New Hampshire’s new law regarding bed bugs

by nobugsonme on August 26, 2013 · 6 comments

in bed bug laws, bed bug legislation, bed bugs, landlord and tenants, landlords vs. tenants, multi-unit buildings, new hampshire

live free or die

Perhaps New Hampshire’s famous motto “Live Free or Die” will be slightly amended — the state just passed a new law which means tenants and landlords may have an easier time living bed bug free.

Like other pieces of bed bug legislation we’re aware of, the new law, which we told you about when it was NH House Bill 482, isn’t perfect. We outlined some concerns about it in that earlier story.

The New Hampshire law, which was passed in June and goes into effect January 1, 2014, stipulates that landlords have to pay for bed bug treatment initially.  (This helps make sure everything happens quickly.)

However, the law allows landlords to later charge a tenant for having their own unit treated (with an installment payment plan if needed), if that tenant is considered responsible for bringing bed bugs into the building.  That is fair, I think, but (as usual in these scenarios) I have some concerns about how it will be determined “who is responsible”.

As HB582 notes:

… there shall be a rebuttable presumption that the tenant is responsible for the infestation if during the 6 months prior to the inception of the defendant’s tenancy, and throughout the defendant’s tenancy, there were no reports, to the landlord or a municipal health or housing authority, of the presence of bed bugs in the defendant’s unit or the dwelling units of a multiple-unit building that are adjacent to or directly above or below the defendant’s unit, or by previous tenants in a single-family home.

In other words, the law seems to suggest that if no other tenants report their bed bug problems, the tenant who does report bed bugs is assumed to be responsible.

This is faulty reasoning, because there are lots of possible reasons for those adjacent neighbors not to come forward and report their own problem with bed bugs.

We know for a fact that some people will have bed bugs and not notice, sometimes for a long time. More often, perhaps, some tenants will fear repercussions (not least of which, having to pay for treatment they may be unable to afford) and may stay silent. Some admit they are willing to “put up with” bed bugs rather than pay for treatment. And then there are the tenants who stealthily treat their own units rather than report bed bugs — even though many DIY methods (like aerosols and foggers) make it more likely the bed bugs spread to neighbors.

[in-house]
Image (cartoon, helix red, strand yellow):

The tenant who can’t stay silent about bed bugs may potentially be blamed and forced to pay for treatment, even though bed bugs may have come from next door– and even though they may keep coming.

All that said, it is very helpful to have a clarification of where tenants and landlords stand. I like the NH law’s requirement which forces landlords to respond to a bed bug complaint by having the unit inspected within seven days:

No landlord shall willfully fail to investigate a tenant’s report of an infestation of insects, including bed bugs, or rodents in the tenant’s rented or leased premises, within 7 days of receiving notice of such alleged infestation from the tenant or a municipal health or housing code authority, or fail to take reasonable measures to remediate an infestation.

There are also stipulations that tenants with bed bugs must cooperate with preparations for treatment (though with only a minimum of 72 hours notice– which can be difficult given some prep lists), and that adjacent or attached neighbors must cooperate with inspections of their unit if bed bugs are found next door.

I just wish this law clearly stated a requirement that landlords must have attached, adjacent units professionally inspected, instead of relying on tenants with bed bugs to come forward and report them. Smart and thrifty landlords will do this anyway, since they will end up paying for more infested units themselves if the apartment where the problem started is not found and treated.

As the Concord Monitor notes, it will be up to the courts to decide who is responsible if landlord and tenant don’t agree. I am not a legal expert, but I would guess that in this scenario– where only one unit has reported bed bugs, and the tenant believes they came from next door — the tenant could argue that if attached and adjacent units were never professionally inspected, the landlord can’t assume they were bed bug-free.

If the landlords are not smart enough to proactively inspect attached units when someone complains, let’s hope the courts are enlightened and fair, and will ask for this before assigning blame to the only tenant who came forward.